“Midnight, and we will have finished packing up by 1 a.m., when you can pick up your car.”

I had booked up a local B&B for the night. However, it wasn’t in Nismes but the next village of Dourbes – five kilometers away!

There was no option but to get my weekend bag out of the car, and walk another 5 km!


I made it, and found the B&B that I had booked.

B&B Les Gabelous

Les Gabelous is an excellent B&B. I would rate it as good as any B&B I have ever stayed in. The hosts, Fabienne and Ben, were extremely friendly. The facilities were top-class. And the food (evening meal, breakfast and packed lunch) was tasty, wholesome, abundant and good value for money. What’s more, the host gave me a lift back into Nismes in the morning, so I didn’t have to retrace my steps!

So all in all, despite the kerfuffle with the car, it was an excellent hike around Viroinval. Stay tuned for the next stage.


Also, check out this video from Dieter The Photographer:

Or enjoy some beautiful classical music played by Discovering Belgium contributor Herman Vandecauter who packed his ukulele into his rucksack to play it alongside Le Fondry des Chiens:

44 thoughts on “A 23 km hike around Viroinval”

  1. Ups, sorry for laughing, but my mishaps with public transport are nothing compared to your nightmare 😀 Imagine the problem if you hadn’t booked a B&B! Loved reading the report and watching your photos. The village names sound familiar from other walking blogs; there must be a GR nearby!

    1. Yes I can laugh now Guido, but not at the time! I was constantly coming across the red-and-white markers, so there is a GR down there, but which one(s) I am not sure.

      1. It happens to be GR 12 ;-), so the one I’m walking at the moment. So I hope to pass by one day. Another one there is GR 125, which is a regional GR, so soon to be painted in yellow and red and so is LA GRANDE TRAVERSÉE DE LA FORÊT DU PAYS DE CHIMAY

  2. Oh no, 24km + 5km with a bag! I bet you appreciated your bed that night. And presumably you had to walk back to your car the next day on top of whatever else you were planning.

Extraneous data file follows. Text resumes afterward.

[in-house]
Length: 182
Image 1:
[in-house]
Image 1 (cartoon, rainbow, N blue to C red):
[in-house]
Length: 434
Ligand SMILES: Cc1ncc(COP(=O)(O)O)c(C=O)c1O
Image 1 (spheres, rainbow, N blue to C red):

1. I sure did Anabel. Thanks for the reminder: I meant to add that the kindly B&B host gave me a lift into Nismes, where my car was waiting patiently and unencumbered. I’ll add it now.

  3. It’s a good thing you’re a walker, that was quite a day’s hike!! Glad the B&B turned out to be so excellent. For one moment, I envisioned you rev’ing up the car, plowing ahead, and careening down the road, with dresses flapping from the side mirrors.
    You’re doing very well by Belgium with this album, that you could see so many picturesque scenes on a single day!
    They’re all terrific photos, but I especially like that forest shot !

    1. What a great vision you give! If I were James Bond or Jack Reacher I would undoubtedly have tried that. Thanks for your positive comments about the photos.

  4. Ken het daar vrij goed en heb al die wandelingen en dorpjes ook al gedaan.Je mag nog van geluk spreken dat je auto niet weg gesleurd werd want dan had je de dure sleepingskosten ook nog aan je been gehad maar begrijp bestdat dit een drama was na 24 km wandelen.Ptachtige toegevoegde foto’s

    1. Ja, mijn B & B-host dacht dat dat ook zou kunnen gebeuren. Gelukkig heeft het niet gedaan. Ik ben blij dat u het gebied kent. Het is mooi en ook zo stil. Ik zag alleen mountainbikers maar nauwelijks wandelaars.

  5. Good grief, what an adventure you had, Denzil. Can’t say you sat around all day. I love the photos of Le Fondry des Chiens – those boulders are magnificent and the pretty river meandering through and the forest of tall trees – truly lovely. The village is quite pretty but I guess you learned that not every serendipitous opportunity is truly serendipitous – parking-wise, anyway. Did you shop at the market? I wouldn’t have been able to resist.